However, as it is already stated in the Introduction, these resections will gain more and more importance due to their lung parenchyma-sparing effect and the improving results on early postoperative morbidity and mortality. Keenan et al (2004); Harada et al (2005).

In this place, it should be emphasized that the segmental resection is also an anatomical lung resection as the lobectomy. It respects the anatomical structure of the lung with its bronchial and vascular composites together with its lymphatic flows.

A significant role in the technique of the segmental resection belongs to the laser system. Its cutting effect enables the thoracic surgeon to perform this kind of resection exactly within the anatomical boarders of the pulmonary segment. Therefore it is feasible also for segments where the “classical” segment resections can only hardly be obtained, e.g. segment 3, 9, 10 etc.

The laser lung parenchyma sparing procedure also raises the question of local tumor recurrence following this kind of thermic resection. In our recent study we could not demonstrate any case of local tumor recurrence due to the mid term follow-up (median only 15 Months). For the further investigation more long-term follow up together with more series of operated patients are needed.

However, in one of our earlier studies we could demonstrate that the tumor recurrence rate after laser segmentectomy does not significantly differ from those ones after the standard lobectomy procedures (29% vs. 26%, p=0.696). Pereszlenyi et al (2006).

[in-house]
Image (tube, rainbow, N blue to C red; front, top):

To conclude, we are convinced that radical surgical resection is still the therapy of choice in NSCLC treatment. However, laser segmental lung resection represents an optimal treatment eventuality especially for those high risk patients in whom the standard resection – lobectomy is not feasible or performable.

Table 1: The Location of Tumors and Types of Laser Segmental Lung Resections (n=31).


Table 2: Postoperative Morbidity after Laser Segmental Resection (n=31).


The Author has no conflict of Interest.

Bayly, J. G., Kartha, V. B. & Stevens, W. H. (1963). “The Absorption Spectra of Liquid Phase H2O, HDO, and D20 from 0.7 Micron to 10 Micron,” Infrared Physics, 3 211 – 223.
PublisherGoogle Scholar

Bramson, M. A. (1968). Infrared Radiation: A Handbook for Applications, Plenum Press, New York, USA.
PublisherGoogle Scholar

Cancer Research UK (2012). “The Latest Lung Cancer Mortality Statistics in UK, Europe and Worldwide,” [Online],